Recent Advances in River Observations and Modeling at Large Scales

J. Toby Minear

ESOC / CIRES, University of Colorado, Boulder

Thursday, Feb 13, 2020, 11:00 am
DSRC Room 1D403


Over the last ten years, advances in field- and remotely-sensed observations of river channels have led to new understandings of channel properties with implications for large scale hydrologic modeling. NASA has several next generation high-resolution satellite missions to study the hydrologic cycle that are launched or soon to be launched, yet these missions remain relatively unknown to most users of water data. Several of these missions were conceived in part to measure different aspects of the global water cycle: Surface Water and Ocean Topography (SWOT) Mission to measure water surface elevations and extents, NASA ISRO Synthetic Aperture Radar (NISAR) Mission to study wetland and floodplain inundation, and ICESat-2 Mission to measure surface elevation and shallow bathymetry. In addition, the unique field datasets being collected to calibrate and validate these missions are themselves leading to the development of new understandings of river channel properties and hydrologic modeling, such as for the NOAA National Water Model. In this talk, Dr. Minear will discuss these recent advances, including the upcoming NASA surface water missions, their utility for operational applications, and related implications for hydrologic modeling.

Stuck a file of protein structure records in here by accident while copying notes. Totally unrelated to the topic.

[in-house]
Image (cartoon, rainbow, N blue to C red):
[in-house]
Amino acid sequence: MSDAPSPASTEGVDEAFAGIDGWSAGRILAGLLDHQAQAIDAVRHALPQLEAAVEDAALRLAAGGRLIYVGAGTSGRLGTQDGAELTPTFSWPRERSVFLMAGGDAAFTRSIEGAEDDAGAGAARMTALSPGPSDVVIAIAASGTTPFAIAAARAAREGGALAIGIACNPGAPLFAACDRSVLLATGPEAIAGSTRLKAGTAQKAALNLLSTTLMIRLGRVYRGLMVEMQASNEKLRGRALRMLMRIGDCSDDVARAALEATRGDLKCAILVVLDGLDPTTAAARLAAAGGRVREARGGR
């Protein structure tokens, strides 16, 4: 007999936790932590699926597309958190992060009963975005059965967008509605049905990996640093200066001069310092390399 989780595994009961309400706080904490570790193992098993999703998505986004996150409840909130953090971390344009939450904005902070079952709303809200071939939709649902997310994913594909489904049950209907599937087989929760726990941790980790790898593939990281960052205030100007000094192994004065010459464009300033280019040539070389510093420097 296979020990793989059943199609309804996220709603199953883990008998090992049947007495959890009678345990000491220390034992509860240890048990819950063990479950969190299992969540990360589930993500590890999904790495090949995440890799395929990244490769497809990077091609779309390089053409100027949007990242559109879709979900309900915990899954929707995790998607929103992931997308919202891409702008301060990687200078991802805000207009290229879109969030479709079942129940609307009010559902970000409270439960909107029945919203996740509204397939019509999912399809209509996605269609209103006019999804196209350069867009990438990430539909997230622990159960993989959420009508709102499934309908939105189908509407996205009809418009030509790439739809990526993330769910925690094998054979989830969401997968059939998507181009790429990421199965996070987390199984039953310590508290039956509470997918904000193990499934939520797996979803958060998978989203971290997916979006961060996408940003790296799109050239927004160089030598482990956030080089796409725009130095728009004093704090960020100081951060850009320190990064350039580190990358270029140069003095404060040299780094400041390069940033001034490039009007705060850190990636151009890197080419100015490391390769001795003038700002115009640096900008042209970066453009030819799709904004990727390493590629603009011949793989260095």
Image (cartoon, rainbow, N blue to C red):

ABOUT THE SPEAKER: Dr. Minear completed his undergraduate degree at Colorado College and later received Masters and PhD degrees from the University of California, Berkeley. Before joining CIRES at CU Boulder, Dr. Minear worked as a Research Hydrologist at the United States Geological Survey at the California Water Science Center and the National Research Program. Dr. Minear’s research interests include near- and far-field remote sensing of water, hydrodynamic modeling, and fluvial geomorphology. Dr. Minear is a Science Team and Cal/Val Team member for the upcoming NASA Surface Water and Ocean Topography (SWOT) Mission, and serves on the U.S. Subcommittee on Sedimentation as well as the National Reservoir Sedimentation and Sustainability Team.


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